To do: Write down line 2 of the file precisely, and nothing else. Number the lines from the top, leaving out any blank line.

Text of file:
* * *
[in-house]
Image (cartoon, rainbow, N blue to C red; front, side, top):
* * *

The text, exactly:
Image (cartoon, rainbow, N blue to C red; front, side, top):